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History of patient charting

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By the early nineteenth century, a predecessor of contemporary medical records had arisen in Paris and Berlin. In the nineteenth century, prominent teaching hospitals in the United States pioneered the development of the clinical record.

The earliest patient records, dating back to “antiquity,” were created for instructional and educational purposes at least 4,000 years ago. Written case history reports were found to have been developed for didactic purposes by medieval physicians. The forerunner of modern medical records, researchers have discovered, “first appeared in Paris and Berlin by the early 19th century.” It was not until the 20th century that “a clinical medical record useful for direct patient care in hospital and ambulatory settings” was developed and used regularly.

By the early 20th century, healthcare providers were charting patient visit notes and medical history to be used in the treatment of those patients. According to an article published by Rasmussen College, “Documentation became wildly popular and was used throughout the nation after healthcare providers realized that they were better able to treat patients with complete and accurate medical history. Health records were soon recognized as being critical to the safety and quality of the patient experience.”

Patient charting was standardized by the American College of Surgeons (ACOS), which established the American Association of Record Librarians. Today the association is known as the American Health Information Management Association (AHIMA). Paper patient charts were handwritten and kept in files on specially designed shelves until the mid to late 20th century, when new technology was being developed.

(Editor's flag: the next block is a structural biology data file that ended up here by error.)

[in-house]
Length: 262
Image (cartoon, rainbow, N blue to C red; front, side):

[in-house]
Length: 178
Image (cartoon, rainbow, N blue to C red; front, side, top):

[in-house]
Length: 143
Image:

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Throughout the late 20th century, patient charting began to be moved into electronic systems. The electronic health record (EHR) was originally developed for hospitals and universities, but by the 1980s, more focused efforts were made to increase the use of EHR among medical practices. While manual patient charting and filing was vulnerable to errors, the Centers for Medicare & Medicaid Services (CMS) recognized that the EHR “can improve patient care by:

• Reducing the incidence of medical error by improving the accuracy and clarity of medical records.
• Making the health information available, reducing duplication of tests, reducing delays in treatment, and patients well informed to take better decisions.
• Reducing medical error by improving the accuracy and clarity of medical records.”

Patient charting has advanced significantly in the past 4,000 years. In the 21st century, patient data can be accessed and shared seamlessly among providers caring for the patient, through EHRs. The primary care physician now has the ability to coordinate care electronically and accurately, ensuring the highest quality outcomes.

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